The Hamas terror group accepted an Egyptian cease-fire proposal Sunday, clearing the way for the resumption of talks on a long-term truce.
The announcement marked the second time in less than a week that the sides had agreed to Egyptian mediation. A similar three-day truce last week collapsed after Hamas renewed rocket attacks on Friday.
The truce took effect at midnight local time, preceded by heavy rocket fire from Gaza toward Israel. In Cairo, the Egyptian Foreign Ministry said the cease-fire would allow humanitarian aid into Gaza neighborhoods and the reopening of indirect talks on a more lasting and comprehensive deal.
Hamas is seeking an end to the Israeli-Egyptian blockade against Gaza, while Israel wants to dismantle the terror groups formidable arsenal of rockets and other weapons.
Palestinian negotiators accepted the proposal early Sunday after meeting with Egyptian officials throughout the weekend. Israeli officials concurred later. Both delegations are back in Cairo.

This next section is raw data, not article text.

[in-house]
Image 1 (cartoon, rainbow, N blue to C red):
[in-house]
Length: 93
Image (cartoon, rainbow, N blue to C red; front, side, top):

The fighting ended in a three-day cease-fire last Tuesday. Egypt had hoped to use that truce to mediate a long-term deal. But when it expired, the terrorists resumed their rocket fire, sparking Israeli reprisals. The violence continued throughout the weekend, including a burst of fighting late Sunday ahead of the expected cease-fire.
The Israeli military reported some 30 rocket attacks from Gaza on Sunday. Palestinian medical officials said seven people were killed in Israeli airstrikes, including the bodyguard of a Hamas leader.
“Israel will not negotiate under fire,” Prime Minister Benjamin Netanyahu said earlier Sunday, warning that his country’s military campaign “will take time.”
Last week’s talks failed in part because Israel rejected Hamas’ demand for a complete end to the blockade, a measure that Israel says is necessary to prevent arms smuggling.
Israel says Hamas must disarm. Hamas has said handing over its arsenal, which is believed to include several thousand remaining rockets, is out of the question.
At a minimum, Israel will want guarantees that the rocket fire will stop. A 2012 cease-fire promised an easing of the blockade but was never implemented — in part because of sporadic rocket attacks by various terrorist factions in Gaza.
Israeli Justice Minister Tzipi Livni said Hamas could get the blockade lifted by accepting longstanding international demands to renounce violence and recognize Israel’s right to exist.
“They want to get legitimacy as a terrorist organization without accepting the requirements of the international community,” she told a news conference.